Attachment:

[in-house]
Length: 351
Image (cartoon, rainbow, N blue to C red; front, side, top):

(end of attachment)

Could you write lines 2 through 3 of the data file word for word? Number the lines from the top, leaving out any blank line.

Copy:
Length: 351
Image (cartoon, rainbow, N blue to C red; front, side, top):